Friday, December 18, 2009
Come ride the exhibition submission roller coaster.
Does anybody else out there feel like the system used for exhibition consideration and calls for submissions needs a real overhaul in the courtesy department? Building an exhibition record is like riding a roller coaster. As artists, we chug our way up hill, working and working and working towards something exciting that lies ahead. Some days is seems as if we will never get another opportunity. Then suddenly, we crest the hill and things come rushing at us fast and furious. We scramble to stay on track, shipping out to shows, painting a last minute commission and sending out postcards, press releases and insurance papers. Before we know it, the ride is over. The show is down, the work back in storage and the press clippings filed away. The ride to the top begins all over again, chug, chug, chug…..
Each month, I dutifully look through the listings on my deadline service and select several to which I submit a complete packet of materials including a professional cover letter and the obligatory SASE for “exhibition consideration”. Then I wait, sometimes as long as 2 years for any kind of response, after which I consider the packet lost. I used to use a delivery confirmation to make sure the contents arrived. After 5 years with a 100% delivery rate, I decided to drop that practice since statistically I could count on my things arriving safely. Every 3 or 4 months, I send a follow-up email asking about the status of my materials. My response rate is about 1 in 10 that the gallery or venue will answer. Most places just ignore my question. About 50% of the time, I will get my materials back in the mail, sometimes with postage due since it has been so long and rates have since gone up. Last week, I got back a packet containing slides (slides!?) which I had sent out 8 years earlier. I liked reading the enclosed letter on that one….”sorry for the delay…” Sorry, apology not accepted.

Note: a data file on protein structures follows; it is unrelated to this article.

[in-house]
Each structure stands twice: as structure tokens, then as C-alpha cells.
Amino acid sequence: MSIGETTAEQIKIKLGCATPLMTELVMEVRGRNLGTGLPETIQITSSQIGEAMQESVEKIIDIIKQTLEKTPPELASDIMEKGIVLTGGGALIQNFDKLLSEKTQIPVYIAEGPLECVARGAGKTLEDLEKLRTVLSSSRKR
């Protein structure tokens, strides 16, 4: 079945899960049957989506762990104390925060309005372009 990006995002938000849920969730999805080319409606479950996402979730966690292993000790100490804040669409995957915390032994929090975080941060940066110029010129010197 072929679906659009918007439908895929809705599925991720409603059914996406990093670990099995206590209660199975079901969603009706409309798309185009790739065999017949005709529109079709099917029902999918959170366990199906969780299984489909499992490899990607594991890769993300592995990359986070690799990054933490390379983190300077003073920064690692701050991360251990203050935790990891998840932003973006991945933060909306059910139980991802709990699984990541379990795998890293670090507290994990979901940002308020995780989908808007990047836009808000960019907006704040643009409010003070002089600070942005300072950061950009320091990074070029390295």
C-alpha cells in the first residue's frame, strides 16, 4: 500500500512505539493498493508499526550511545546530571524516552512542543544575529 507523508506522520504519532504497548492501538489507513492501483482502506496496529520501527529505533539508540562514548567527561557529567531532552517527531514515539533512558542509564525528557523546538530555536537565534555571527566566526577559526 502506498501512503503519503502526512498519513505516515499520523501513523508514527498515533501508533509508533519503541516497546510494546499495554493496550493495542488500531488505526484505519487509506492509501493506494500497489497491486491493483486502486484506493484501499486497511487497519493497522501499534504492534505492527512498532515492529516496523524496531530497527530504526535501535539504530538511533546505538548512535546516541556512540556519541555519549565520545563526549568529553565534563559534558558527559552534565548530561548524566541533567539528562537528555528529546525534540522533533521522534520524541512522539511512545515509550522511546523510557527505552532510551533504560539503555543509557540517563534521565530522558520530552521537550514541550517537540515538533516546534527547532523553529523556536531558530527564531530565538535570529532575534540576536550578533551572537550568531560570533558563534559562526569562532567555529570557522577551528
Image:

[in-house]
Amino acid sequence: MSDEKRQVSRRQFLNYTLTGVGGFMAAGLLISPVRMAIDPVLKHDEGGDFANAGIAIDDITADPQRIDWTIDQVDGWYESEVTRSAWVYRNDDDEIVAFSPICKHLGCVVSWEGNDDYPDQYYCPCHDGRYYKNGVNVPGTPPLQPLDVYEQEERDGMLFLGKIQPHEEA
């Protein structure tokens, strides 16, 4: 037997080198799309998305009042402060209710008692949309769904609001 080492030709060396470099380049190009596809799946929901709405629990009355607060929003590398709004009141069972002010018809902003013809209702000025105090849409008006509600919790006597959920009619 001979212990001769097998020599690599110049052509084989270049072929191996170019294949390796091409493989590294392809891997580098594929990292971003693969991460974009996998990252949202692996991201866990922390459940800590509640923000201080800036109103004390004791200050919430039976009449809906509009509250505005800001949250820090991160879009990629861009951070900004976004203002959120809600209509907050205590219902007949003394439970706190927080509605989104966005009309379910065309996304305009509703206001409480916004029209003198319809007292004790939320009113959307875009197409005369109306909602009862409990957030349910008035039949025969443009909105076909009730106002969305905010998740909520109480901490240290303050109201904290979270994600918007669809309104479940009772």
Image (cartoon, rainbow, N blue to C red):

Yes, the enclosed letter (if I am so lucky as to get one) often contain gushy accolades that may or may not be addressed to me. Usually it is a form letter that says "dear artist" but sometimes it has been auto filled and gives me somebody else’s name. I often wonder what poor “Diana” thinks when she reads her “Dear Judy” letter (can’t even spell it right….). As for the work itself, 25% of the time my CD has not been opened which I can tell by the sticker used to seal it closed.
So my issue here is that I try and be as professional as possible. I do all the things asked, send all the materials requested, and then get treated like junk mail. If a gallery is listing a call for submissions, then please have the decency to let us know you got the materials. Return them in a timely manner if an SASE is included, but only after you have actually looked at our work. Try to send a letter addressed to the correct applicant. I understand that America is getting more casual and people don't learn the basics of courtesy and manners much anymore (and artists tend to not be the best left brained business people), but if I am spending my time to answer your request, at least you can spend a few moments to answer mine. I know you are overwhelmed with the responses at times, and that is okay. Let us know our materials arrived and that it could be 6 months or more until you get to it, but that you will get to it. The excuse that you just got too many submissions is not really a good one since the deadline service reaches thousands upon thousands of artists, what did you expect? And finally, thank us for helping to keep you in business as we thank you for reviewing our work.
On the flip side, sometimes I get the nicest letters back. They recommend other galleries where I should apply as my work would fit well there. Some mention a specific piece that made the committee laugh out loud (but I still don’t fit the venue), and every now and then, I get a handwritten sticky note probably by some poor gallery intern that says “Sorry we cannot offer you a show at this time, but I really liked your stuff!” Apology accepted.
Time to get back on the roller coaster and start up another hill, that stomach dropping thrill of excitement which comes with each show is probably just around that next curve…..